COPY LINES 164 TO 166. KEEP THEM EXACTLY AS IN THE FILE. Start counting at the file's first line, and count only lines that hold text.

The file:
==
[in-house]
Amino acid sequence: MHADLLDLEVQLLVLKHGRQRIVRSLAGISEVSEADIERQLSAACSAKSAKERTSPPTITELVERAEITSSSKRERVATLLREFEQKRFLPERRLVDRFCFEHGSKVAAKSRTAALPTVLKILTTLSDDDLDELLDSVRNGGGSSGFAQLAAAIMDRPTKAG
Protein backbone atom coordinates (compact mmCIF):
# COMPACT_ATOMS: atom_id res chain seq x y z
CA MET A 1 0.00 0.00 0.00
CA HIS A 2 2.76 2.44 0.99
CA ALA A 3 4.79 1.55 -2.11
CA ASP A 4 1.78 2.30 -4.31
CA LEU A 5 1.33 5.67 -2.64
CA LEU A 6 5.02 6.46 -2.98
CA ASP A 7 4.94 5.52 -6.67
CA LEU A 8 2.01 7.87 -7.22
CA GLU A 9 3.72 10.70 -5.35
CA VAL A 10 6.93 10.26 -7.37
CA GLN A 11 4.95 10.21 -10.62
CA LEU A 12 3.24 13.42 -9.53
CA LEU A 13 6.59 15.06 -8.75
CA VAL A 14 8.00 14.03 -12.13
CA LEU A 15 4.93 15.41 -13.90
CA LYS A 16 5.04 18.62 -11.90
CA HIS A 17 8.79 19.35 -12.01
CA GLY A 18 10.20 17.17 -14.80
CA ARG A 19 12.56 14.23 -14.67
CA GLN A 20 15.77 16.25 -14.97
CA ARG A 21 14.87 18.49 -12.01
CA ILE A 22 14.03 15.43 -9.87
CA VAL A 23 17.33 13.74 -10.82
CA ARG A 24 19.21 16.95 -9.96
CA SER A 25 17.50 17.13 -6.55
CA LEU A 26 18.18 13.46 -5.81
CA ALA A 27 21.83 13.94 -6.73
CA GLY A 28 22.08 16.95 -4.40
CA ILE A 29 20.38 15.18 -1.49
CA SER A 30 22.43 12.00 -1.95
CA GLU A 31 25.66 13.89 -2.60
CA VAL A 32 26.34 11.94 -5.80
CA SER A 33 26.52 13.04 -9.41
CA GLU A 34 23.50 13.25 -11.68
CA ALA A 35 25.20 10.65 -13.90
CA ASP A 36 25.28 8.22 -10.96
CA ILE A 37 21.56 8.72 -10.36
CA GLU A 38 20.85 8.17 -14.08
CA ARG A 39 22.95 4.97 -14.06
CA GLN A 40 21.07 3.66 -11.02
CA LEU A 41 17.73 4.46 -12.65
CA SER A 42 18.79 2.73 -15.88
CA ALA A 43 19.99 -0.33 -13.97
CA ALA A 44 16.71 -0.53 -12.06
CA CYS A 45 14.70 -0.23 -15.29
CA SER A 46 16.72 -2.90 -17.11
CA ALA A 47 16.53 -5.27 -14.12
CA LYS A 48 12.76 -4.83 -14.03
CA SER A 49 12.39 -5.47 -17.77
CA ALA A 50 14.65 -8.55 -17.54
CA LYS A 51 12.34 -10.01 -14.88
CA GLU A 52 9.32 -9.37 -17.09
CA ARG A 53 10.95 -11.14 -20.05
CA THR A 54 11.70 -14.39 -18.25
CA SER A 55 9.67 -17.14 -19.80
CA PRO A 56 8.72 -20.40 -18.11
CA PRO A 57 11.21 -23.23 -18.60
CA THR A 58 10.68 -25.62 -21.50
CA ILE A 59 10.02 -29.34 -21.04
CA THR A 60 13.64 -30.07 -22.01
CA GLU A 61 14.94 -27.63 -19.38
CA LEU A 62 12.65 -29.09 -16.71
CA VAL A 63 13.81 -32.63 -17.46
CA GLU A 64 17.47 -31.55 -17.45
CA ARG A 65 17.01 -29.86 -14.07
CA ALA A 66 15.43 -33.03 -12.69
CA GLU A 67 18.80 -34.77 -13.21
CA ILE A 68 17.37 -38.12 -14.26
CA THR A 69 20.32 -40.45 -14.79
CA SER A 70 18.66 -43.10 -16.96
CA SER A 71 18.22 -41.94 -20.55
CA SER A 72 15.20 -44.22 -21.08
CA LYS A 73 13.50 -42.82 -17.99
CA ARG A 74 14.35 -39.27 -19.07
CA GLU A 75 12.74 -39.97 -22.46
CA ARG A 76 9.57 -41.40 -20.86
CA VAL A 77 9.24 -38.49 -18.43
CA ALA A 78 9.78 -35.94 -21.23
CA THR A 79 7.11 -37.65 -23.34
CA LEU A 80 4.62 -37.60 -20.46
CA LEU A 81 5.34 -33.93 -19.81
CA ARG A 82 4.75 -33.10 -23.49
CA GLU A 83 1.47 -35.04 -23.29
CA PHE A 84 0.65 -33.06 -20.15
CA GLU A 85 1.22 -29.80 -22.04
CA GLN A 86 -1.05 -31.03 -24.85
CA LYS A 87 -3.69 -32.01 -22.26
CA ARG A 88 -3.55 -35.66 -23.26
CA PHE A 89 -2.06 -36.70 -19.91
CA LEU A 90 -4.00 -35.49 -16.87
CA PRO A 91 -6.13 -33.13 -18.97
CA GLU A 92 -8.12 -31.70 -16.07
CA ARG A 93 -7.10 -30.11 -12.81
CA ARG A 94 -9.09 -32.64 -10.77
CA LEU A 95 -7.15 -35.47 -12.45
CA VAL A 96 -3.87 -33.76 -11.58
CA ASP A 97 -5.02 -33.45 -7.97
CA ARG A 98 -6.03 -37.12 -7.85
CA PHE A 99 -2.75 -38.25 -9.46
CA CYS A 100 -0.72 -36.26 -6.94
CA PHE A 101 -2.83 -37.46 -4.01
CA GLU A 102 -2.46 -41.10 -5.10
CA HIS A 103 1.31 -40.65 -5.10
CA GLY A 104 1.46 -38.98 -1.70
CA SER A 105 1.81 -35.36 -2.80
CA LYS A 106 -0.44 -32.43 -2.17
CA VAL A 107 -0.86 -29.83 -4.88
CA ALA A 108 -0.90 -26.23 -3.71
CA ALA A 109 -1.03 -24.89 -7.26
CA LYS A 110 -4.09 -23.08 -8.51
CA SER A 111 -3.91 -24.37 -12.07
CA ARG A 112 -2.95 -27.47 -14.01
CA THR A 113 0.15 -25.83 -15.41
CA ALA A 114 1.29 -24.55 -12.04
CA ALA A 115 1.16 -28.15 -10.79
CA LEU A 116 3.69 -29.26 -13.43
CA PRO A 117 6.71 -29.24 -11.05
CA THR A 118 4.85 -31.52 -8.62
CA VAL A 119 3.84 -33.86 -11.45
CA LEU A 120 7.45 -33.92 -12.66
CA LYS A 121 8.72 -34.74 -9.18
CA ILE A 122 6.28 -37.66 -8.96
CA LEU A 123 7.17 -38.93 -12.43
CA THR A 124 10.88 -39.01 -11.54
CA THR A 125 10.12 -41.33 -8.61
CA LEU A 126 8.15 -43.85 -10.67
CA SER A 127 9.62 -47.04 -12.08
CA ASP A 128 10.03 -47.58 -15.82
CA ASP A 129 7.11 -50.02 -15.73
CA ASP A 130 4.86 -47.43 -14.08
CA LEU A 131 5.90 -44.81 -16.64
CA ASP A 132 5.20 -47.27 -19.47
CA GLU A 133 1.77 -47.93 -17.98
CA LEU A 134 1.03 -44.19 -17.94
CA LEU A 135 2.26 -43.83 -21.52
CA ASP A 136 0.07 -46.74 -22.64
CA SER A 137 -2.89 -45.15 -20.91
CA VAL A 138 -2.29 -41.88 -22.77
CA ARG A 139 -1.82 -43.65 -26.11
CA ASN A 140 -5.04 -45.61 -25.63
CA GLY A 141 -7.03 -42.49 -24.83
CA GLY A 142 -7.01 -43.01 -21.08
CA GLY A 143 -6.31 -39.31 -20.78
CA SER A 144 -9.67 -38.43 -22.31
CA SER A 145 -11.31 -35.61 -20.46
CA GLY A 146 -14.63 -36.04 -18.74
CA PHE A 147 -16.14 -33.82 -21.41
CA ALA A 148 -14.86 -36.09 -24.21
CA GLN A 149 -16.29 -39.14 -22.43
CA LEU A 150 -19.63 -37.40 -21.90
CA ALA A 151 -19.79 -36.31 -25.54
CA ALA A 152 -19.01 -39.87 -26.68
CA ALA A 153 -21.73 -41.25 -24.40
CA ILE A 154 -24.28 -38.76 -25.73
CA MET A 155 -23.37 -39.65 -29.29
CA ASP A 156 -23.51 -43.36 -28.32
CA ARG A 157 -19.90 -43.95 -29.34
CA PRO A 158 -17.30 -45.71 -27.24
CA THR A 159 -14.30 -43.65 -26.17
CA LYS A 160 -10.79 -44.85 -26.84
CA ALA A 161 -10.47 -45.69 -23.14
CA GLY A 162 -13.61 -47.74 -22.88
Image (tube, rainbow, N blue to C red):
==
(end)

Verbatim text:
CA LYS A 160 -10.79 -44.85 -26.84
CA ALA A 161 -10.47 -45.69 -23.14
CA GLY A 162 -13.61 -47.74 -22.88